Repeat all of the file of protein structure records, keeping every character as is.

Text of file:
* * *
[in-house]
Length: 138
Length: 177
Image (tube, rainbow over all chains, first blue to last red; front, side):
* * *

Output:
[in-house]
Length: 138
Length: 177
Image (tube, rainbow over all chains, first blue to last red; front, side):